On this weeks programme Fr Phonsie Cullinan visits us again on the programme to remind us again about the 50th International Eucharistic Congress in Dublin from 10th to 17th June 2012 as well as our regular reflection on this weeks Sunday gospel and saints of the week.
Fr Phonsie Cullinan is back on the programme this week to give us an reminder and an update in relation to preparations for the 50th International Eucharistic Congress 2012 hich is being held from June 10th to 17th in Dublin. All the details of the daily programmes, links on information, and registration details are available online at the IEC2012 website.
Local events to mark the IEC2012 coming up in the next few weeks:
- Cratloe Grotto 20th May 2012 - Mass at 2pm at the Grotto
- Holy Rosary Parish - 40 hours adoration 31st May - 1st June 2012
- Limerick Congress Walk - a Novena of Churches - a pilgrimage walk to nine city churches in Limerick - Our Lady Queen of Peace (Redemptorists Mt St Alphonsus), Augustinians, St Joseph's (the Crescent), St Michael's Denmark St, St John's Cathedral, St Patrick's (Dublin road), St Saviours (Domincan parish),
Gospel - Mark 16: 15-20
Last October, as part of a pilgrimage to the Holy Land last year, one of the places visited on the Mount of Olives overlooking Jerusalem was the Dome of the Ascension. The shrine marks the spot where christians believe Jesus ascended into heaven. All that remains of the several churches built to celebrate the Ascension is a small octagonal structure that is now a mosque. Plain and unadorned, it stands in a walled compound east of the main road that runs on the top of the Mount of Olives in Jerusalem. The location is just north of the Church of Pater Noster — which is built over a cave that the first Christians used as a more secluded place to commemorate the Ascension. The last church on the site was captured by the Muslim sultan Saladin when he defeated the Crusaders in 1187. Since Muslims also believe in the Ascension of Jesus, it was converted into a mosque which it remans today. You can read more about the history of the shrine here and here.
An unusual feature of the tiny building is that it contains what has been traditionally regarded as the last impression of Jesus’ right foot on earth before he ascended into heaven.
Reflection on this weeks gospel:
The appearance of Jesus to the disciples after the Resurrection is part of the gentle encounter of the Divine with us rather than imposing his prescence on us. He continues to knock gentely on the doors of our hearts if we are willing to be open to and welcome him in.
St Augustine reflecting on the Ascension of the Lord:
Christ is now exalted above the heavens, but he still suffers on earth all the pain that we, the members of his body, have to bear. He showed this when he cried out from above: Saul, Saul, why do you persecute me? and when he said: I was hungry and you gave me food.
Why do we on earth not strive to find rest with him in heaven even now, through the faith, hope and love that unites us to him? While in heaven he is also with us; and we while on earth are with him. He is here with us by his divinity, his power and his love. We cannot be in heaven, as he is on earth, by divinity, but in him, we can be there by love.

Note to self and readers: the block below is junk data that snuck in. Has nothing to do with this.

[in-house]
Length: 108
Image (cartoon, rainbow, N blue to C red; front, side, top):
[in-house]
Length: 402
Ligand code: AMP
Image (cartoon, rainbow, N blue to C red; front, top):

He did not leave heaven when he came down to us; nor did he withdraw from us when he went up again into heaven. The fact that he was in heaven even while he was on earth is borne out by his own statement: No one has ever ascended into heaven except the one who descended from heaven, the Son of Man, who is in heaven.
These words are explained by our oneness with Christ, for he is our head and we are his body. No one ascended into heaven except Christ because we also are Christ: he is the Son of Man by his union with us, and we by our union with him are the sons of God. So the Apostle says: Just as the human body, which has many members, is a unity, because all the different members make one body, so is it also with Christ. He too has many members, but one body.
Out of compassion for us he descended from heaven, and although he ascended alone, we also ascend, because we are in him by grace. Thus, no one but Christ descended and no one but Christ ascended; not because there is no distinction between the head and the body, but because the body as a unity cannot be separated from the head.
Other reflections for this weeks gospel:
Reflections for the Solemnity of the Ascension of the Lord
- Beginning to Pray - The Ascension: A sign of Hope
- Word on Fire - Short video of Fr Robert Barron on Why the Ascension matters.
- Fr Ron Rolhesier - A Spirituality of the Ascension
Saints of the Week
Psalter - Week 3
May 21st - SaintChristopher Magallanes and his Companions, Martyrs
May 22nd - St Julian of Corsica
May 23rd - The Martyrs of Cappadocia
May 24th - St David of Scotland
May 25th - St Gregory VII (Pope) and St Mary Magdelen of Pazi and St Bede the Venerable
May 26th - St Philip Neri